Mary Catharine Martin's "Talking Trash" article which published Sunday, April 4, was a good summary of the discussions taken up by CBJ Assembly members and staff involved with waste management. I've read all the material I could find, and remain deeply interested in this multi-dimensional and complex issue.
There appears to be a serious challenge to provide clear information and education about the current status of Juneau's waste management program so that the community clearly understands where we are now, before long-term and possibly very costly changes are initiated. Joe Buck's memorandum was helpful with some information.
That said, the following questions have occurred to me:
What are the different wastes that must be managed by someone or some entity (regular garbage, recyclables, junk metal, cars, hazard wastes, building/demolition wastes, others)?
How are the different disposal methods currently carried out (landfill, shipping, composting, incineration)?
What is the "Certificate of Public Convenience" from the Regulatory Commission of Alaska? What is its authority and what does it provide for the people of Juneau? What aspects of waste management does that certificate deal with? Who currently owns that certificate?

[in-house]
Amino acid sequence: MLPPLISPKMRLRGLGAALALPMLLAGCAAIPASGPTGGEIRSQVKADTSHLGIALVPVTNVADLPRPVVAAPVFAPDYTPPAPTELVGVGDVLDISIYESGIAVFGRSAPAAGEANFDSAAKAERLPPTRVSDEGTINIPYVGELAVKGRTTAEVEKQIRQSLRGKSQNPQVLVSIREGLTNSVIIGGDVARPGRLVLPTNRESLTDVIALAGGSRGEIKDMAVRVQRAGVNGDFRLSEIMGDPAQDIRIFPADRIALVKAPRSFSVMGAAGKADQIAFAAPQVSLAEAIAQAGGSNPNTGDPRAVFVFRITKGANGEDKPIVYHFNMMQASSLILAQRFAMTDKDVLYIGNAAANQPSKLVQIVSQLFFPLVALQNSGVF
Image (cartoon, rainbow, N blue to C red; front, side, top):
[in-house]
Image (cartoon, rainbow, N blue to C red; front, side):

Why does the CBJ want the certificate? What are the benefits and liabilities that will accrue to CBJ if they have the certificate?
Who owns Arrow Refuse and what is the history of that authority? What is the working relationship between Arrow Refuse and Alaska Pacific Environmental Services?
Who owns Waste Management, Inc. and what is the history of that authority?
What are the contractual agreements and working relationships between or among Arrow Refuse, Waste Management, Inc., and the CBJ?
Does the CBJ want to control the landfill?
Some definitions may also be in order: Waste stream, simple waste stream, bailer, variable rates for residential collection, tipping fee, curbside recycling, mandatory collection, automated collection system and area waste deposits.
A Materials Recovery Facility (MRF) is discussed. What is this and what will it provide?
If all current waste management costs were summarized and assessed for each household (as are water and sewer), what would that cost currently be?
What are the new technologies in waste management that may be useful for Juneau (plasma, waste-to-energy incineration, gasification)?
What do the people of Juneau want out of waste management? What are the people of Juneau prepared to pay for? What are the economic, public health and social implications of these choices? Would a formal query of the public help with decision making?
It would appear there is much to learn about our waste management. This will require many community forums, educational materials, open discussions, transparent and honest collaboration and community participation.
After all, it is our trash (personal, community, individual and collective).
Carolyn Brown is a Douglas resident.
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